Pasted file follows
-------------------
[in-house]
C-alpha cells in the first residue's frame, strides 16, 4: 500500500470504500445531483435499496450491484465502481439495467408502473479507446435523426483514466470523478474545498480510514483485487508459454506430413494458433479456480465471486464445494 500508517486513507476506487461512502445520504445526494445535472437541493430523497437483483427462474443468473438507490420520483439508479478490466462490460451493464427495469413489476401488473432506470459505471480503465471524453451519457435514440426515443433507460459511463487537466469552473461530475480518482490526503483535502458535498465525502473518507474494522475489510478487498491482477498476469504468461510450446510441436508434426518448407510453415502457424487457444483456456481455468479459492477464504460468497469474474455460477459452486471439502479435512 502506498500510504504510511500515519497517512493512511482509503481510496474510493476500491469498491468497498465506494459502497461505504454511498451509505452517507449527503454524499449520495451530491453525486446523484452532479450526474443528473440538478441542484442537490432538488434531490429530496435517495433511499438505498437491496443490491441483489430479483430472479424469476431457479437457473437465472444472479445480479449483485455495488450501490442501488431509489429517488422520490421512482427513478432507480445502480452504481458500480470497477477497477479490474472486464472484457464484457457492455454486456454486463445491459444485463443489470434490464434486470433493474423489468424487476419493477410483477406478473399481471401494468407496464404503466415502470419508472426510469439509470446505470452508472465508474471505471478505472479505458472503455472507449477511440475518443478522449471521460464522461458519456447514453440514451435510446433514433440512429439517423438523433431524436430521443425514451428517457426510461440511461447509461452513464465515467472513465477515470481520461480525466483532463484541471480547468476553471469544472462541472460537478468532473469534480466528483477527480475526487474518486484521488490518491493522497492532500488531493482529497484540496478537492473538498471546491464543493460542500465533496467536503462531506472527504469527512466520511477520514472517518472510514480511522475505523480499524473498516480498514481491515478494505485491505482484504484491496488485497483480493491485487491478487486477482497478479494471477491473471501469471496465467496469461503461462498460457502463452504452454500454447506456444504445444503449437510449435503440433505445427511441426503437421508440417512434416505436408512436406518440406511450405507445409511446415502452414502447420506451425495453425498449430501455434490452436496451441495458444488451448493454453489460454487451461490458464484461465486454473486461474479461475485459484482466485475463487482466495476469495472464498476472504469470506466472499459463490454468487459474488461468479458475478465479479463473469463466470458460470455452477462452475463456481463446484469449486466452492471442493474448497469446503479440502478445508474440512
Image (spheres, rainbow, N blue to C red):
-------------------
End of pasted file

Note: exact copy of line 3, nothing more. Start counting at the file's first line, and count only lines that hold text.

Image (spheres, rainbow, N blue to C red):